Latest News

OneWeb and Hughes Resume Ground Network Partnership With $250M Deal 

By Rachel Jewett | December 16, 2020
OneWeb Graphic

An artist’s rendition of the OneWeb constellation. Photo: OneWeb

OneWeb has selected Hughes to develop and manufacture the ground system technology for its Low-Earth Orbit (LEO) constellation, restarting a prior agreement between the companies. Under the $250 million three-year contract announced Wednesday, Hughes has agreed to produce the gateway electronics for the OneWeb system and the core module that will be used in every user terminal. 

Hughes said Wednesday that its gateway is capable of 10,000 hand-offs per second, and facilitate handover and tracking of “hundreds of gigabits of data across hundreds of beams and millions of users.” 

In terms of the module for the user terminal, Hughes said the module is adaptable across fixed and aeronautical and maritime mobility terminals, for either electronically or mechanically steered antennas.

OneWeb had a ground system partnership with Hughes since 2015 in its prior iteration before the company filed for bankruptcy in March. OneWeb has since emerged from Chapter 11 bankruptcy under ownership of a consortium led by the U.K. government and Bharti Enterprises, in which Hughes has agreed to invest $50 million.

This deal resumes that prior ground network work. Hughes said Wednesday that under the prior agreement, seven gateways had been installed with several others were in various stages of production. Hughes has now ramped up production on the gateway equipment and resumed testing on the installed systems.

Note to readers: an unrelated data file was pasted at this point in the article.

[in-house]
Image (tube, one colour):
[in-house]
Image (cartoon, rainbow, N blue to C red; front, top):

In a July conversation with Via Satellite shortly after Hughes announced its investment in the OneWeb, Hughes President Pradman Kaul said work on the contract stopped when OneWeb went into Chapter 11. 

“The basic technology has essentially been developed. We’ve already deployed a certain number of these gateways. The challenge now is getting the rest of them built and installed, and then running the network through the satellites and doing the normal stuff you do when you test a new system to make sure that everything is functioning properly. But it is a global network, it’s going to cover every piece of the world. There’ll be challenges, but I don’t think they’re insurmountable,” Kaul said at the time. 

This announcement comes days before OneWeb will launch its first satellites since before it filed for bankruptcy. Arianespace is set to launch 36 OneWeb satellites on a Soyuz rocket from the new Russian launch site in Vostochny on Dec. 18. OneWeb has 74 satellites in orbit.